"A rushed election would be an insult to members in the constituencies and the unions," said Alan Simpson, a Labor Member of Parliament. "The most realistic and democratic timetable would be to hold the election at the party's annual conference in October."


Under the complex rules of the party leadership, the decision will be made by a cumbersome balloting of an electoral college consisting of a one-third each of union members, Labor members of parliament and party members.

The chief interest lies in the possible fight between Blair and Brown--good friends but possible antagonists--since many analysts believe that if one steps aside the other could easily win the contest.

In a speech Sunday, Brown spelled out the moderate Labor view of the political future: party unity and a "fair" and "socially just" society with "full and fulfilling employment."

As for unity, Brown declared: "We've struggled too long for harmony to allow discord now."

Brown's friends say he is the natural heir to Smith's mantle, and could serve as the bridge between the left and right wing of the party--but so far support seems to be favoring Blair, who, in a clever departure from past Labor positions, has lifted the law-and-order issue from the Tories with the slogan: "Tough on crime but also tough on the causes of crime."

The prospect of a Blair-Brown political fight, with undertones of lacerating battles among Labor leaders in the past, alarms moderates who believe that it would derail the continuing moderation of Labor's policies and image. Furthermore, it could jeopardize their close working relationship between the two men in making the party more palatable to crossover Tory voters.

"Gordon is hanging in there," said a colleague of the Treasury spokesman. "Blair's team is in a state because they expected Brown to fold immediately, but he hasn't."


For his part, Prescott has dismissed Blair and Brown as Labor's "beautiful people," and believes the next national election will focus on his own specialties: employment and welfare.

That view is shared by most of the contenders, and opinion polls show that the electorate is deeply concerned about job losses and the erosion of welfare benefits, particularly health, under Major's Conservative government. Major's chancellor of the exchequer, Kenneth Clarke, said last week that work and welfare were dominant themes.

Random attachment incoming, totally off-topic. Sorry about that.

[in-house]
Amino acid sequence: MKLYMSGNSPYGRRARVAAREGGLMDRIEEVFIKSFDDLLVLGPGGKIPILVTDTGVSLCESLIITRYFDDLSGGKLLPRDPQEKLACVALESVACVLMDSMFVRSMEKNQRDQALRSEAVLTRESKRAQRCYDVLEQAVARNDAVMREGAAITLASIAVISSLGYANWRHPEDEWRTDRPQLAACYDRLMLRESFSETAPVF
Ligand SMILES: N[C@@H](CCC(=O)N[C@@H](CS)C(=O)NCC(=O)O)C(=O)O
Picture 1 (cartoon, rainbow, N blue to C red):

In an earlier address, sounding almost Labor-like, Clarke declared: "Families need a sense of security in their personal finances; their home ownership depends on mortgage finance, and their old age requires adequate pension provision."

The death of Smith has also changed the political calculus in the Conservative Party, where Trade Secretary Michael Heseltine has been considered the leading successor to the 51-year-old Major should his unpopularity force him to step down. Smith's death directed attention to Heseltine's own serious heart attack last year and caused doubts about his ability, at age 61, to take over as prime minister. Clarke, considered the second-strongest challenger to Major's leadership, appears in no hurry to challenge the prime minister so Major may be safe for some time, particularly if, as Conservative MPs believe, Britain is headed for an economic upturn.

Meanwhile, Oxford-educated Blair keeps Labor's torch burning in frequent television appearances and engaging parliamentary debate, putting forward an image of youth and modernization.

As one Conservative MP put it, with a note of chagrin: "People will vote for Tony Blair without feeling that they are voting for Labor."

Copyright © 2019, Los Angeles Times
EDITION: California | U.S. & World